Tobe Alldredge testifies: My name it Tobe Alldredge. I am a brother to J.V. Alldredge, the defendant in this case. I know Luther Williams whom he killed. I witnessed the difficult in which he was killed, Saturday night Oct. 4th, 1902, at Addison, Alabama.

Van left his store house some time after dark on that night and told me that he was going up the road after Jim Cantrell, at John Williams' request; that Cantrell was lying at the side of the road drunk. Not long after this I went to my home. About 10 o'clock p.m. Van's wife came to my house and told me that she heard some one cursing down towards Addison, which was a little more than 150 yards distance. She asked me if I knew anything about Van, and whether I knew if he had come back. I told her to go on back home, that they were just having a little fun at Addison-that she need not be uneasy. About 30 minutes later I heard cursing at Addison, and went down there. There in the crowd Van Alldredge, John Williams, Allen Box, Bud Hyde, his two little boys, Will Box, and Jim Cantrell was lying in a buggy asleep, in or near the crowd. He was asleep from excessive drinking.

Shortly after I reached the crowd a discussion arose about politics, and a political speech which had been made at Addison that day. This was soon settled and the parties made peace. The buggy in which Cantrell was lying asleep belonged to McPherson and was being drawn by a mule which belonged to Van Alldredge. After the discussion Van and I started with Cantrell in the buggy toward Cantrell's home which was out the road running past Lester's house. Van proposed that we would carry Cantrell part of the way home and he would then be able to get home, and we would return. We went about 40 or 50 yards when John Williams stopped us by "hollering" at us. He came up to the side of the buggy and said, "By ___! I'm not satisfied about this thing." Van asked him, "Why, what's the matter?" he said. "I heard that you said that Lute Williams was a ___ ___ rascal." Van asked who told him and he would not say. Van told him, "You have said it or some one else had said it." Then and there Jim Cantrell got out of the buggy to hunt his mare. We went on to a tree near Dr. Kiker's store and the growling was started up again. They proceeded me to the tree by about 30 or 40 steps. When I reached the place they were in a right smart "jower."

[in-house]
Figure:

I cannot tell every word that was said there. I know about the substance. Van and John were in a right smart quarrel. John Williams told Van that they had been passing and re-passing for 2 or 3 years, but called his attention to some old grudge and that they would not associate any more. About that time Lute Williams left the crowd. He passed close to where some one was holding some stock and crossed the ditch and went towards the saw mill. I told Allen Box that I was satisfied that he had gone after something to fight with and not to let him come back. It was only about a minute when Lute Williams hollered out, "Van Alldredge, you are a ___ ___ liar!" and ___; and when he said that Van just faced around towards him a step or two and Luther W. came with a scantling and struck Van. As far as I could see Van fell down to his knees. I am not sure but it appeared to me that Van's left knee touched the ground. The next lick Lute Williams struck he brought the stick overhanded and the stick went over Van-do not think it hurt Van much, they were too close together and may have struck the ground with the stick. As Van straightened up, Luther fell on him and they clinched and fought and just then Mr. Hyde passed close by and Lute said, take him off, he is cutting me. Hyde passed right by me and grabbed my brother and they were separated. After they were separated, Van left. I left soon after. Williams said after the fight, "I am cut to death." That is all he said while I was there.

Then follows a lengthy cross examination, but the answers thereto are only a reiteration of the above; except when he saw Williams coming with the scantling. A little boy, Hardy Hyde, was also examined but he did not see the fight. He was 50 or 60 yards off.

Some data on the parties involved: Luther Williams was born 14 Jul 1874. His tombstone in the Cantrell Cemetery near Addison recorded he died 3 Nov 1902. John Williams was born 27 Dec 1853 and died 7 Jan 1940. He was buried in the Fairview No. 2 Missionary Baptist Church Cemetery. Allen Tony "Tobe" Alldredge was born in Sep 1868 and died in 1914. He was buried in the Sardis Baptist Church #2. The 1900 Winston County Federal Census for Looney's Tavern recorded Allen Box was born in Alabama in Aug 1876. Bud M. Hyde was born in Georgia in Jul 1863. Harley Hyde was born in Georgia in Mar 1892. James Cantrell was born in Alabama in Apr 1870. General Burns was born in Alabama in Aug 1868. John V. Alldredge was born in Alabama in Nov 1866. Monroe McPherson was born in Alabama in May 1847.